It's where we all go, where the dough uprises, becomes bread.
Thirty-and-nine. Scratching my balls at a Ballenchine ballet.
The uncomfortable seats of the old Met; Karinska's costumes
erotic in the dull lighting of the old Met.
Outside, the quick black faces of the street
as if leaves pass along the guttered way.
The siren song, "this is not a test,"
wails in the high notes of a passing soprano.
A child wars against its mother's wrong--
she drags him to shop for a suit at Sak's.
It will be ugly as first suits must be.
It will be coal dark for mother mourning
the last chance to give milk.
It will be tight in the armpits, wide at the waist,
short in the inseam so mother can lift him
up to her kiss, reach into his pants,
see that he's truly her little man.
Have pity on the children bow-tied
white-shirted in winter for church.
"Wha' I cn do fa youse, Johnny,
for penny or nickel or dime
aint it a crime, Johnny, come
along, Johnny, gimme a kiss"
At parkside, the drunk hack beats a gray mare;
a gathering crowd hussahs its reared-up run
into evening headlight and blabbering horn.
All of new York was once full of horseshit.
Now it's just a horse or two, a dime bag of it.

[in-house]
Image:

I have become all the dreams I have ever had:
New York at Christmas, anonymity in crowds,
the patron saint of the self, the closet grief
that stares from shuttered eyes. Vacant at muggings.
It is only my accent gives me away.
The tourist who gawks at skyspires
is a phallus lover, a voyeur
of iceskates cutting through ice,
a vagrant among the avant-garde.
But I am repulsive having not made my choice
but arrogant dying among them as one of them
The cabbie's turn of phrase swerves
away from the oblivion of all of us,
attacks display windows, shatters
them with a scream. I am so richer
for it. I want Coney Island; I want
the resurrection of the dead, cream
color mornings of long-ago harvest.
I feel my flesh rising, leg torn from torso
and an arm waving to no one, a cab?
Among the eyewitnesses immediate
flashbulbs of ready journalists, horse guts.
Tombstone photo of first paragraph hero
seen here wading through the tangle
appears on the paperless news five
minutes after and is soon forgotten
amid the sitcom of Holiday shoppers.
Like the after-opera strollers
I want to wake at the appointed time,
and in the place where I fell into sleep;
I want to go home; I want five minutes
more between dry, warm-cuddly sheets.
I want to be alone. Here in the city.
Who have I spoken to? Why do you listen?
The blood of the cabby dries on my hand;
accidents of waking have driven men mad.
Mississippian John Horváth publishes poetry internationally since the 1960s (Streetlight, recently in Burningword Literary Journal (Best of 2018), Adelaide Literary Magazine, Brave Voices (Zimbabwe), London Reader, Subterranean Blue). After Vanderbilt and Florida State universities, Following a bad parachute drop in Iraq leaving him 100% disabled, "Doc" Horváth taught at historically Black colleges. To promote contemporary international poetry, Horváth edited the magazine at www.poetryrepairs.com from 1997 to 2017.